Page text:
Since as early as 2010, I’ve been keeping, in some form, records of what I wear. Over time, these have evolved from tiny sketches in the margins of notebooks to maintaining an Illustrator file, where I’ve turned each item in my wardrobe into a graphic (going more for representation than accuracy) and then use these elements to document my daily ensembles – think of it as a more crude, manual version of Stylebook or other closet apps, where you upload pictures to create/track outfits. Coupled with this visual diary, I also keep a less visually-appealing, but equally important spreadsheet that serves as a wardrobe directory. In it, key metrics about my garments are collected and stored, with the “number of wears” updated on an ongoing basis.
The practice of documenting outfits is nothing novel. While I have perfected my own, sometimes cumbersome, methods, the same effect can be achieved through written lists in a journal or photographing outfits-of-the-day for Instagram. Personally, I think it’s an interesting exercise in self-ethnography alone. Functionally, this allows me to plainly see what gets worn in my wardrobe, and what doesn’t.
While most people are mentally looking forward, I see the start of a new year as an opportunity to look back and perform a little year-end analysis – to see what lessons can be gleaned from all this data I’ve saved, and how these insights might influence how I approach getting dressed and building my wardrobe in 2021.
First, a couple of notes on the format:
The rows of outfits represent Monday-Sunday in a week, with pink bubbles indicating a change in month. These visuals are, for the most part, an exact representation of what I wore each day, but sometimes I did change my clothes throughout the day. They also do not necessarily capture how I styled these items or the outerwear I wore with them to go out (I don’t have a very exciting outerwear collection so you’re not missing much). You will also see a number of grey boxes – these represent days where I did not properly “get dressed”, meaning I spent the day in pyjamas or loungewear. Admittedly, there were a lot more of those days than usual in 2020 due to the pandemic (you can really pinpoint the start of shutdown in March on the second row – left of page 2; the appearance of shoes in my outfit log dwindles after that point).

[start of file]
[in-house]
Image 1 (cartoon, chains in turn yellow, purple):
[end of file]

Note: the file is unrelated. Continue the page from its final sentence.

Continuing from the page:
Finally, there are some clothing pieces in the outfit logs that are not included in the wardrobe overview above. These items are either things that I decluttered during the year or pieces of loungewear/activewear that ended up in the outfit mix. I included these latter pieces in the illustrations, but I don’t keep track of how often I wear them. Another pandemic-induced trend has been the mixing of my “at-home” wardrobe and my everyday wardrobe, especially since a lot of my loungewear collection is made up of old, “retired” items. It begs the question of whether these wardrobe categories are even necessary, but for now I’ll keep my ratty t-shirts and running tights out of the main catalog.